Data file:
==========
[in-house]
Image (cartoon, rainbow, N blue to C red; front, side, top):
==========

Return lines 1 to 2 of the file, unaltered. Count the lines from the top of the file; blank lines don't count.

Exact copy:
[in-house]
Image (cartoon, rainbow, N blue to C red; front, side, top):